IrishCycle.com is reader-funded journalism. To keep it going and free-to-view, it takes people like you to act now and subscribe today for €5, €10, or €20 per month.

Over 80% of Dublin City Centre retail spend from non-car shoppers

— “Car-based shoppers account for only €1 in every €5 spent in town” says NTA

Over half of retail spend in Dublin City Centre comes from shoppers who arrived by public transport, a survey by Millward Brown for the National Transport Authority has found.

A further 24% of the retail spends comes from people walking and cycling — which is higher than the spend by people arriving by car.

Over a fifth (21%) comes from people who walk into town and 16% comes from people taking the Luas in. Just under 20% comes from shoppers who arrive by car.

Shoppers by bicycle in the survey accounted for just 3% of the spend overall — a previous survey showed a large difference between the two main shopping streets, however most details in this survey do not have a breakdown showing the differences in both streets.

The Dublin City Centre Shopper Survey published today included a total of 1,671 respondents who answered questions on why they came into town, how they travelled in, how many times they had visited in the previous four weeks, and how much money they were spending in town that day.

The on-street, face-to-face, survey was conducted by Millward Brown researchers, on Henry Street and Grafton Street in October 2104 amongst residents of the Republic of Ireland aged 16 and over.

“We wanted to understand the spend, motivation and travel habits of people visiting Dublin’s city centre, and to measure the impact each transport mode makes on shopping activities in the city centre – to inform our future planning strategies for the Capital City,” said Anne Graham, CEO of the National Transport Authority.

She added: “And the research clearly demonstrates that a thriving city centre relies on the public transport passenger, walkers and cyclists. While people coming in by car will always be important – they do spend the most money per head when they are in town (€137) – it is the public transport, walking and cycling communities that deliver the strongest cash injection to the city’s economy as a whole. After all, they account for over 80% of all visitors, and we will continue to put these people at the centre of our transport planning – for the long-term economic benefit of the city.”

The full results can be viewed here.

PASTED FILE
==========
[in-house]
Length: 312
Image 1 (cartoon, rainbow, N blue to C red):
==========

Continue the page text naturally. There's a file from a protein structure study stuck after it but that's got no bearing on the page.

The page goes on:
Full graphic of highlights here.


You're read this much of the article... So, if you value our journalism, please subscribe today for €5, €10, or €20 per month.


Dublin shopping IMG_4563

IrishCycle.com is reader-funded journalism. That means it's funded by readers like you.

Subscription drive update: IrishCycle.com reached its target of 270 subscribers by the end of August -- thank you to all who have helped! Our new target is to have 300 subscribers by the end of 2022 -- originally this was hoped to be exceeded by the first year of running the site full time (end of October).

If you can help push IrishCycle.com above 300 subscribers, please subscribe today for €5 or more. If you have already done so -- thank you!

Please remember, every month there's a natural drop-off in subscriptions due to people getting new cards, cards stolen, Revolut not topped up etc.

***

IrishCycle.com is a reader-funded journalism publication. Effectively it's an online newspaper covering news and analyses of cycling and related issues, including cycle route designs, legal changes, and pollical and cultural issues.

There are examples, big and small, which show that the reader-funded or listener-funding model can work to support journalism -- from the Dublin Inquirer and The Guardian to many podcasts. To make it work for IrishCycle.com, it just needs enough people like you to believe!

Monthly subscriptions will give IrishCycle.com's journalism a dependable base of support. But please don't take free access for granted. Last year IrishCycle.com had an average of 15,800 readers per month and we know our readers include people who cycle and those who don't, politicians, officials and campaigners.

I know only a small percentage of readers will see the value of keeping this open enough to subscribe, that's the reality of the reader-funded model. But more support is needed to keep this show on the road.

The funding drive was started in November 2021 and, as of the start of June 2022, 250 readers have kindly become monthly subscribers -- thank you very much to all that have!

But currently, it's only around 1.6% of readers who subscribe. So, if you can, please join them and subscribe today via ko-fi.com/irishcycle/tiers

Cian Ginty
Editor, IrishCycle.com

3 comments

Leave a Reply

This site uses Akismet to reduce spam. Learn how your comment data is processed.